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Old 08-25-2013, 11:06 AM   #6
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The dual h/w means propane and electric, so without hookups, like the microwave, you will not need the dual water heater, nor a/c. But the extra insulation will help keep it cooler and warmer as will the foam underneath. I had both on my Escape 19. Solar is good as are the dual6 volts.
My concern is your tow vehicle, you maybe at it's limit with the 19 unless you do not weigh it down with options. The dual 6 will add to your tongue weight, so get the equalizer hitch, you will need it. Good luck...
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Old 08-25-2013, 11:08 AM   #7
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We like our opening bathroom window.

For sure you should get the solar package since you say you will do a lot of camping without electric hookups. Also, with the solar package and a 1500W inverter you can run (judiciously) a 700 watt microwave and quite a number of other small appliances, like a small electric griddle, a waffle iron, a coffee maker, crock pot, etc.

Besides, during your summer camping in Alaska you will have almost 24 hr sunlight!!
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Old 08-25-2013, 12:12 PM   #8
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Towing Capacity

Like Jim mentioned you should go over the towing capacity of your Sport Trac, you did not mention a year and if it comes with a towing package. The key number to look for is the combined gross vehicle weight. I have seen some older models - 2008, having a rating of 10,000 lbs. This would be more than adequate unless you put a lot in or on your vehicle. Not sure of your model.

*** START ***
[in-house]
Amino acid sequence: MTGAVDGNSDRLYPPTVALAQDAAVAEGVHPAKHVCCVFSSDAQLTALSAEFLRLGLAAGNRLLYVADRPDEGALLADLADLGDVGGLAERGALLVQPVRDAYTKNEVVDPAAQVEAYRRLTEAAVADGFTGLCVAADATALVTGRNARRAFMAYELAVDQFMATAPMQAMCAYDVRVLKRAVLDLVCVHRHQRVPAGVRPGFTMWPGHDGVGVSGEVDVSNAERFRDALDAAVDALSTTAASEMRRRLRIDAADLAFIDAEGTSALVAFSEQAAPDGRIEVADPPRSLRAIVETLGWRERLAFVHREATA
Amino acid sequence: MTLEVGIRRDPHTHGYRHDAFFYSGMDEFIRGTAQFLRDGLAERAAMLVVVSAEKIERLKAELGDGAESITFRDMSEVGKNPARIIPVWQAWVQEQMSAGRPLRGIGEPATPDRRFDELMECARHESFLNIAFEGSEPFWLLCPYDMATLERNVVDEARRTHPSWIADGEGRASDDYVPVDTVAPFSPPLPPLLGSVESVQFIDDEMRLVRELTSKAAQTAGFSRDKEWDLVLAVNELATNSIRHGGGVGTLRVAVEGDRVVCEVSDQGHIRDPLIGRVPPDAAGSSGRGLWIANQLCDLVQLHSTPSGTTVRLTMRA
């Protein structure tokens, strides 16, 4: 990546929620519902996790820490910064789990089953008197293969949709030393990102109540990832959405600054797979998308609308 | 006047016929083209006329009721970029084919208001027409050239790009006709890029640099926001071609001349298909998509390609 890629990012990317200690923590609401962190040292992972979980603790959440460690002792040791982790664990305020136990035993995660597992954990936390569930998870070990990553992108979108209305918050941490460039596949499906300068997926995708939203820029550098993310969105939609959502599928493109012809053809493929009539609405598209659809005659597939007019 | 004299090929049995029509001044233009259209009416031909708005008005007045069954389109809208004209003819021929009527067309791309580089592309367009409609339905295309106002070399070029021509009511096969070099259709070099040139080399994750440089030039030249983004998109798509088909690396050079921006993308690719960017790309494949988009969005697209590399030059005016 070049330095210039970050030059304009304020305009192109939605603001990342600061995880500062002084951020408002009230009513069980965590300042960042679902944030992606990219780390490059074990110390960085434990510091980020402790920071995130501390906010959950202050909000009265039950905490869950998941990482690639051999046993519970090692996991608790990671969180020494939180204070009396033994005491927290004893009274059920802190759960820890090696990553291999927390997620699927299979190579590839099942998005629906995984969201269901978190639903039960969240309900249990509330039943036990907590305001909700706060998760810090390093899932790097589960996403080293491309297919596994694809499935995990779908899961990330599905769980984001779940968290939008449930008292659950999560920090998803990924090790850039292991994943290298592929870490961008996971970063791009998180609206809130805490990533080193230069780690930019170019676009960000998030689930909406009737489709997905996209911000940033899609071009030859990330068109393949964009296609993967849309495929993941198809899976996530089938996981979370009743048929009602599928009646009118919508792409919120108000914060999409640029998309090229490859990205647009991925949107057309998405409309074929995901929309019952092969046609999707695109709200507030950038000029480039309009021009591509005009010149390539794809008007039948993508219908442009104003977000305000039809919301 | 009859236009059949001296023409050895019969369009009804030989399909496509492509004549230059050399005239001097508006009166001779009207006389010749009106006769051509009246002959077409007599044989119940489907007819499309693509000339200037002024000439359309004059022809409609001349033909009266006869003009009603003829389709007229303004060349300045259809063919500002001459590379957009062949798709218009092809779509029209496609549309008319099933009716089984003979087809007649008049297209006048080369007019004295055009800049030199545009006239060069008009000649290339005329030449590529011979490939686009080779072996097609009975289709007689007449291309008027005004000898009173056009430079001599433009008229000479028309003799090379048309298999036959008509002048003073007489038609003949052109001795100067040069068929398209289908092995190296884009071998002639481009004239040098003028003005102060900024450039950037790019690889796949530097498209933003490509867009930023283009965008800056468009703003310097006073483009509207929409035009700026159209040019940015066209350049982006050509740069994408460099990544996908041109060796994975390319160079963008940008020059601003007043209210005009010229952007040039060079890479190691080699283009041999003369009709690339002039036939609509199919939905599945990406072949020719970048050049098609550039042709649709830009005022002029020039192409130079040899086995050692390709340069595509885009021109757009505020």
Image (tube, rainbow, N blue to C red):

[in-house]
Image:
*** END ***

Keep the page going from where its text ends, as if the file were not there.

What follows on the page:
The CGVW is vehicle, passengers, fuel and gear plus the loaded trailer. Add the weight of a hitch if you use one. The real world weights of an Escape seem to run around 3,500 lbs with empty fresh, gray and black tanks. Run the numbers they are readily available from Ford.
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Old 08-25-2013, 12:37 PM   #9
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Quote:
Originally Posted by dbailey View Post
Regarding the insulation package: we don't plan on doing any winter camping, but there are times we camp at altitude. We hit a couple of below-freezing nights in July in Yellowstone a few years ago. It's for occasions like those that we took the extra insulation packages (both the wall insulation/windows, plus the under-trailer spray). Note also that the extra insulation will help cut down noise somewhat, as well.
I would add that in our 19, we put in the opening window over the sink, and I think it's well worth it. Not only does it add light into the kitchen area even when the canopy's out,, but I find it improves airflow overall, and it's an opening window that you can safely leave open and not worry about rain getting in. For much the same reasons, we added the opening window in the bathroom.

We learned the difficult way that if you want to leave the passenger side window over the bed open during a heat wave camping trip, and then the thunderstorm rolls through while you're gone, that window's not under the cover of the canopy, with the inevitable results that things get... well, a bit damp, to say the least. :
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Old 08-25-2013, 12:46 PM   #10
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MaxAir makes a nice outside window cover that creates a venting system that allows you to keep a window open during rain or while driving down the road. It is called Window/Maxx, an easy install. Now we always keep a window open slightly at night to reduce condensation and never worry about rain.